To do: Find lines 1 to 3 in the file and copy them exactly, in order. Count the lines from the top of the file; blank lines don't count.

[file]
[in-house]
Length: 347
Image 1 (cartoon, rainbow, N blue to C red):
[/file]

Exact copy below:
[in-house]
Length: 347
Image 1 (cartoon, rainbow, N blue to C red):